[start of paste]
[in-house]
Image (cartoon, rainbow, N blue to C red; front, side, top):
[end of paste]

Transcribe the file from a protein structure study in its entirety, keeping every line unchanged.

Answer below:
[in-house]
Image (cartoon, rainbow, N blue to C red; front, side, top):